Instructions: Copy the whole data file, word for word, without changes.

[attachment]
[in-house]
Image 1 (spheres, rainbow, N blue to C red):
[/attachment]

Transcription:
[in-house]
Image 1 (spheres, rainbow, N blue to C red):